How A Muslim Girl Stood Up To Online Sexual Blackmail

11/11/2016 03:31 pm ET Updated Mar 31, 2017
Source: pixabay

What should have been a harmless night of teenage frolics, turned into a public outcry and nightmare for one young girl.

Her story is currently being featured in the BBC series Shame. The program focuses on the growing trend of the use of images and videos to blackmail women in some of the most conservative countries. When these incidents arise, it often proves to be a catastrophe for the average girl. Some cases end in tragedy, as in the highly publicized case of Amanda Todd. But in a predominantly Muslim country, it takes a different turn, one, which could also lead to the girl’s death - at the hands of others.

Back in 2009, an 18-year-old Ghadeer Ahmed spent a night at a friend’s house where they listened to music. Her friend recorded Ghadeer dancing without a hijab and wearing a short dress. There was nothing in the video that could be deemed as pornographic or explicit and she later sent it to her boyfriend.

“In Europe or the US this would not be a big deal. But I come from an ordinary Muslim family in the Nile delta and, like most Egyptian girls, I had been raised to believe that no man has the right to see my body except my husband,” Ghadeer told the BBC.

Once the relationship ended three years later, the tides changed and brought with it something else. Her now ex-boyfriend threatened to post the video online unless Ghadeer agreed to get back together with him. She pleaded but he persisted with his demands.

“I was really frightened. I even thought my life might be in danger. In our society, the reputation of the whole family rests on the conduct of its daughters, sisters, and wives. Our bodies are not our own: they belong to the male members of the family, and are the vessels in which the family’s honor is carried,” she said.

She thought the matter was forgotten about until a year later a friend mentioned that they had seen her on YouTube. Distressed, she went to the police station to file a complaint, but being too afraid, kept her family in the dark.

A few months later, her ex-boyfriend went to her father and told him everything, including showing him the video. He told her father that he would marry her to “restore” the family’s honor, on the basis that she dropped the charges.

“Honor can only be restored through marriage – or, in extreme cases, through murder. Some countries apply the same logic even in cases of rape. Jordan, for example, still has a law, Article 308, which exempts rapists from prosecution or punishment if they agree to marry their victims,” she continued.

Her parents were infuriated, telling her that she had shamed them, but relented and supported her through her case. And in 2014, her ex-boyfriend was convicted and sentenced in absentia to one year in jail. As the ongoing trial began to take its toll, Ghadeer decided to drop the charges, content that the judge recognized him as guilty.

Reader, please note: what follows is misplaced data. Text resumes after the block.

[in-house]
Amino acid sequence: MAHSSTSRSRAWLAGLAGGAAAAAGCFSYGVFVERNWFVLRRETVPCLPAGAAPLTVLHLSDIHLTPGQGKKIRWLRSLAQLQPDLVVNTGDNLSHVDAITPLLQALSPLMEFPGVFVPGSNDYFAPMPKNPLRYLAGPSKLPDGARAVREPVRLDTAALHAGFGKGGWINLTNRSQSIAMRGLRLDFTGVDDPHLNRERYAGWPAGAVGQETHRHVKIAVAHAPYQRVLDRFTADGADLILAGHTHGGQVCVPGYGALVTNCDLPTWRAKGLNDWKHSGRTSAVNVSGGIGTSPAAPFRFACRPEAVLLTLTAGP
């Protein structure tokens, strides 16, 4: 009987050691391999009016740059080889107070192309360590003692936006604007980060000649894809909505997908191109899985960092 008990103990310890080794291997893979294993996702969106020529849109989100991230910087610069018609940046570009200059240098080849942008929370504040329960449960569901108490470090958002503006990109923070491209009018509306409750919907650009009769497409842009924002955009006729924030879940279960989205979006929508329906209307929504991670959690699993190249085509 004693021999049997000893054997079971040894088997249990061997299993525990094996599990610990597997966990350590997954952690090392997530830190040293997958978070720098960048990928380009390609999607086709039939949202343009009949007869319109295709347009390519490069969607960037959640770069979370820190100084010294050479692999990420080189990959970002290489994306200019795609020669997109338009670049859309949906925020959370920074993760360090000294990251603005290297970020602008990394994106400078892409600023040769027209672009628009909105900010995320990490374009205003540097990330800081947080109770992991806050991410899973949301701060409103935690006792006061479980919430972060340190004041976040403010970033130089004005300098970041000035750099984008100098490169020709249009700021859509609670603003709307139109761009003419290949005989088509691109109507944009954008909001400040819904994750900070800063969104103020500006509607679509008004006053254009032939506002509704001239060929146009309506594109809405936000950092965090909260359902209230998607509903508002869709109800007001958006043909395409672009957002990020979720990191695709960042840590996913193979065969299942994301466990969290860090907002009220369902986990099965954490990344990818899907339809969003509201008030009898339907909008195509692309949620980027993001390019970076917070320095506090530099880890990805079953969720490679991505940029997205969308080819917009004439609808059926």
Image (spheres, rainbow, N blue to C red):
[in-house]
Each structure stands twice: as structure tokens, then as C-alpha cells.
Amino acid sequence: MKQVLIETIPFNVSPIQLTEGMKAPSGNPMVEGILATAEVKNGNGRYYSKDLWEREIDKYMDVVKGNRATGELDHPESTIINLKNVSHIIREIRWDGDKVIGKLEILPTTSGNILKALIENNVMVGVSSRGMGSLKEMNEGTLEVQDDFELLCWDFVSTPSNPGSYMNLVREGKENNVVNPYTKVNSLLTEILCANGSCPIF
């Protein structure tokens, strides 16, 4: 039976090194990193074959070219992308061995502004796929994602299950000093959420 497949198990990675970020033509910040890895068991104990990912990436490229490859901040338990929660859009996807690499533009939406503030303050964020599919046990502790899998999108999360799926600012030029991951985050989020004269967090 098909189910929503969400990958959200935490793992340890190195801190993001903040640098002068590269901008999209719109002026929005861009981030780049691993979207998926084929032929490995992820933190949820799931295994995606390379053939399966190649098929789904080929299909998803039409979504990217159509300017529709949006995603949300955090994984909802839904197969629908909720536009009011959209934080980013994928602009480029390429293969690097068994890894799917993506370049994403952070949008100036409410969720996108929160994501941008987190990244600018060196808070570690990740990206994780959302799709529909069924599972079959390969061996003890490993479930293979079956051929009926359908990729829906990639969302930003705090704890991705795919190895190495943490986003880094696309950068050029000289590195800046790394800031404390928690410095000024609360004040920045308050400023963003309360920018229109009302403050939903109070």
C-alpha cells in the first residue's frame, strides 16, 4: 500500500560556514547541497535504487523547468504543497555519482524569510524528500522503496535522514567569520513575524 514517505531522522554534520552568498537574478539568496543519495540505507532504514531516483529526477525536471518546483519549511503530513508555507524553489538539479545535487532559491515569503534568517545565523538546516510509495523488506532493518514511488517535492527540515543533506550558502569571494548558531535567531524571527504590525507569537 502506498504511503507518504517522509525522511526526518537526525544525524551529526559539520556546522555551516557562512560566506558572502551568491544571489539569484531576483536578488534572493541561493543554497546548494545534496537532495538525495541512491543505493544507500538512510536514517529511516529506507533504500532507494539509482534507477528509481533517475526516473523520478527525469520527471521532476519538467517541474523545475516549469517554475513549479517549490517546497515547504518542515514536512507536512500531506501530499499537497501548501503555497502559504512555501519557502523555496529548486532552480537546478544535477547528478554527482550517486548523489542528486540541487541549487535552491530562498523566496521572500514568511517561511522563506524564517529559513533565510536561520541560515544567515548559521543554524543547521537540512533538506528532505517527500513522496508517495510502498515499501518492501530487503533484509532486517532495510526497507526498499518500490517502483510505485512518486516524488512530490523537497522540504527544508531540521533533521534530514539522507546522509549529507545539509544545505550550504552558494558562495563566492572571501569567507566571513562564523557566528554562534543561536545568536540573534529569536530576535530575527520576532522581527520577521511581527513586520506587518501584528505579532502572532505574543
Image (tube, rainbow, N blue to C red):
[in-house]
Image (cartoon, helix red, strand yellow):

But the story was about to grow into a life of its own. Following the protests in Tahrir Square, Ghadeer started the group Girls’ Revolution that soon garnered a nationwide following of young women, petitioning for changes in women’s rights in Egypt. As a backlash from this controversial movement, the video of her was posted on social media with the comment, “This is Ghadeer Ahmed, who wants to corrupt our Egyptian girls, and here is the video that shows that she herself is a slut.”

Ghadeer retaliated in an unprecedented move and posted the video onto her own Facebook page with a statement that said:

Yesterday a group of men tried to shame me by sharing a private video of me dancing with friends. I am writing this to announce that, yes, it was me in the video, and no, I am not ashamed of my body. To whoever is trying to stigmatize me, as a feminist I’ve got over the social misconceptions about women’s bodies that still dominate Eastern societies. I don’t feel ashamed because I was dancing happily, just as I did publicly at my sister’s wedding, where I also wore a very short and revealing dress. Now, I want to ask you guys: what is it that really annoys you? Me being a slut, or me being a slut without sleeping with you? My body is not a source of shame. I have nothing to regret about this video.

In no time, her video went viral across Egypt as many reached out to her, supporting her bravery and her activism.

She said:

I am sharing my story now to encourage the thousands of girls all over the world who are still being threatened and blackmailed with digital images on social media. Here is what I want to say to you: You are not alone. I went through what you are struggling for. I felt lonely, I felt helpless, I felt weak and ashamed. There were times when I collapsed during this whole exhausting experience. I do not have the right to tell you to fight as I did, but I am urging you to ask for help from someone you trust. Once we ask for help, we feel less alone, less endangered. Together, we can change the culture that makes us frightened and ashamed. Together, we can survive. Together, as sisters, we can turn the world into a safer place for women.

An uprising is being born with women like Ghadeer as a younger generation in the East are challenging the ideology that their body belongs to them, and not to a notion of “honor.” It is a courageous move, yet it could also be one with fatal consequences.

Just months ago, a different story unfolded in Pakistan when social media celebrity, Qandeel Baloch, was murdered by her brother. He claimed that her online presence caused shame to her family and expressed no regret.

In places like Pakistan, “honor killings” still account for almost 1,000 deaths each year. It again brings to the table that question, “Where is the honor in killing women?”

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